“When you remove a leader of a terrorist group, lower level members rise to the top.” No kidding, really? When a leader of a jihad group is killed, he is replaced? How many years of research and analysis did it take, and how many degrees did he have to attain, for this genius to arrive at this conclusion?
Max Abrahms, who describes himself as “#Terrorism Theorist / Northeastern Prof / Council on Foreign Relations / Center for Cyber & Homeland Security,” is the quintessential establishment foreign policy analyst, a hack fronting policies that have failed again and again and again, and that Abrahms, and the establishment in general, don’t even realize have failed. He epitomizes the muddled thinking that dominates establishment foreign policy analysis today, and that desperately needs to be swept out and replaced. This is the “terrorism theorist” who has said, “When a leader of a militant group has been taken out, the group tends to become even more extreme” — which he repeats here with a slight variation. The subtext is that jihad leaders should not be killed, as doing so only makes jihadis angry. And now we also learn from this great mind that when jihad leaders are killed, others are likely to replace them.
Why are we losing the war against the forces of the global jihad? Because politically correct mediocrities such as Max Abrahms are looked to for expert analysis that they are abjectly incapable of delivering, as their primary operative credential is their determination to ignore and deny the jihadis’ motivating ideology.
Meanwhile, the Newsweek article from which the Abrahms quote is taken is no less moronic. We learn that “Adnani’s replacement could be as radical.” You don’t say! Surely the caliph was going to choose someone as moderate as the day is long for the job — no doubt he is dialing Zuhdi Jasser’s number even now! And Abrahms tells us that “in the case of the Islamic State, it’s hard to believe that Adnani’s replacement will be more extreme than he is.” How could he be? If Abrahms and other establishment analysts were to study the Qur’an and Sunnah, they would see that Adnani was just as extreme as his guiding texts were, no more no less, and could deduce that his replacement was likely to be also no more or less “extreme” and “radical” than those texts dictated. But they refuse to look at that data, and instead content themselves with Deep Thoughts such as “When you remove a leader of a terrorist group, lower level members rise to the top.” No wonder we’re in the fix we’re in.
“Does the Death of Abu Mohammad al-Adnani Spell the End for ISIS?,” by Jack Moore, Newsweek, August 31, 2016:
The Islamic State militant group (ISIS) announced the death of Abu Mohammad al-Adnani—its most prominent schemer, both abroad and online—via its official Amaq news agency late Tuesday. It said he was killed while “surveying operations to repel the military campaigns against Aleppo” in northern Syria.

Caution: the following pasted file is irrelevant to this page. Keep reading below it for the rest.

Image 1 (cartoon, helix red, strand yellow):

While it remains unclear who killed Adnani, with Washington and Moscow issuing opposed claims of responsibility Wednesday, one would assume that the revelation would be detrimental to ISIS’s aim of presenting itself as an entity of superior military might.
Adnani, whose real name was Taha Sobhi Falaha, served as the group’s most important figure behind self-proclaimed caliph Abu Bakr al-Baghdadi, acting as its chief propagandist and orchestrator of external operations—specifically, attack plans outside of ISIS territory in Iraq and Syria.
The operation that Adnani oversaw included different arms of foreign fighters who plotted atrocities in Europe, Asia and the Arab world. This internal secret service is now known as the Emni and may have had involvement in a series of attacks abroad, including the Paris attacks, the Brussels bombings and the Istanbul airport attack, which left hundreds dead.
As ISIS has continued to lose territory, Adnani had been at the forefront of ensuring that the group adapted to maintain its role as the flag-bearer of global jihad by remaining in news headlines around the world.
His death will deal a severe blow to the group’s operations and recruitment. But Adnani’s replacement could be as radical. Experts are clear that, while ISIS’s power is diminishing with the loss of key leaders, territory and revenue, it will continue unabated its violent campaign to hold onto its territory and to attack the West.
“When the leaders of terrorist groups are killed, the group tends to become more radical. A group in the immediate aftermath of leadership loss is more likely to direct its violence against civilian targets,” says Max Abrahms, professor of political science at Northeastern University and member of the Council on Foreign Relations.
“When you remove a leader of a terrorist group, lower level members rise to the top and suddenly they are in power and that’s why the target selection of the group tends to change,” he continues. “However, in the case of the Islamic State, it’s hard to believe that Adnani’s replacement will be more extreme than he is.”…